The book is Maureen Johnson’s 13 Little Blue Envelopes. It features Ginny, who is off on an adventure orchestrated by her deceased non-conformist aunt. Using the instructions found in a series of 13 letters, Ginny travels throughout Europe, living in the moment, learning about her aunt, and falling a little bit in love along the way!
If you’d like to win a copy of this book, you must follow this blog (if you don’t already!) and post a comment by midnight (Eastern Time) Saturday, June 18. From those who comment, I’ll randomly select one person (U.S. entrants only) to mail the book to (sorry, no little blue envelope).
Here are some ideas for your comments inspired by Maureen’s book:
1. Ginny has a cool aunt—do you? What fun things have you done with your aunt?
When I was nine, my own aunt predicted I would someday live in Paris. Sure enough, I did. My aunt also showed up to take me on a wild European adventure (which included nearly being robbed by gypsies on a night train to Prague)
2. Ginny’s aunt used a theme to paint a whole café in Paris. If you had to paint a café, what theme would you use?
I’m going to have to go with elephants, myself.
3. Letters—ah, that lost art form! What letter are you glad you saved or what is one that you wish you had saved?
O.K., I admit I still have that first love letter. (Clears throat). And I got rid of a whole series of letters from my grandmother in which she told her life story.
4. What other Y.A. travel stories have you read and loved?
Be sure not to miss Anna and the French Kiss by Stephanie Perkins!
5. Yeah, sure, you can pick your own topic too!
Happy summer travels, whether real or imagined!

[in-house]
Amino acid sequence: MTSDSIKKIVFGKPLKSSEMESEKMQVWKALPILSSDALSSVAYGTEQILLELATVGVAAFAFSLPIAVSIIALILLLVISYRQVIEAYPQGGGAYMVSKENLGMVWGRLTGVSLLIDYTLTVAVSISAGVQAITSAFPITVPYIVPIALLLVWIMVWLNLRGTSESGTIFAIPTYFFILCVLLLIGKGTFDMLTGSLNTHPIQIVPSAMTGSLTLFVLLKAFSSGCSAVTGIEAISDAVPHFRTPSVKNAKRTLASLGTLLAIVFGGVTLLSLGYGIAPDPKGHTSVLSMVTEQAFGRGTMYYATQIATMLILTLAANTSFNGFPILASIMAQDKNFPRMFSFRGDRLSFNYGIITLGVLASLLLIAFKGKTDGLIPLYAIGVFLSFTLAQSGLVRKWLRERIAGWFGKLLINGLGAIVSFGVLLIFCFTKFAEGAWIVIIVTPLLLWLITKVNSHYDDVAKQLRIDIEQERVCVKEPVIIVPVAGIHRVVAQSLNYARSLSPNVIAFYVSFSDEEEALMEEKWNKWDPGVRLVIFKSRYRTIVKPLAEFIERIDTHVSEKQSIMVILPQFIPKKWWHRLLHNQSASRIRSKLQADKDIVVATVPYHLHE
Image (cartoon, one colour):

Sunday, June 5, 2011
To help me translate detailed action sequences into text, I sometimes act out the scene, while narrating it aloud. With luck, I can describe the action in everyday words, and even remember them long enough to type them into my computer. But acting doesn’t work when I need to freeze a moment and see it from the outside. That’s when I borrow a trick from movie making, called storyboarding, and run it backwards.
When a movie director translates the written word of a screenplay into the lights and sound of a movie, he or she will often start by drawing pictures. These cartoon-like images, called a storyboard, show freeze-frame moments of action from the audience’s perspective. By studying the pictures, a film crew can figure out lights, cameras, marks, eye lines, and so on. Words become pictures, which become movies. All I do is reverse the process, going from pictures to words, except that...
I don’t draw well. My brother is the cartoonist in the family (shameless plug—you can see his work at www.theregularscomic.com. I’m the unseen brother in strip number 109, and no, you can’t have my Prada sneakers). Anyway, I don’t draw, so I use a camera. Most recently, I made a storyboard for a rewrite of a car chase. The scene is too dangerous to video, so I used still photos instead. In this scene—which is the modern equivalent of the stagecoach robbery in an old western—the absurdly macho Hammerfist hangs out the car door, brandishing his club.
Picture 1: Hero-wannabe Hammerfist prepares to hurl his club (I think he’s compensating) at an SUV full of ninjas.
Picture 2: The car drifts into a rut, tilting the car and dropping Hammerfist perilously close to the ground.
Picture 3: The car slides into an opposing rut, swinging the door closed. Crunch!
Not only do I have these images to study and translate into words, but I have also demonstrated that the actions are humanly possible—an important detail, because my top-notch critique group asked.
Storyboarding works for me, maybe it can work for you. Or maybe you have another trick of the trade. Let me know, and post a link if you’ve got an example on your website.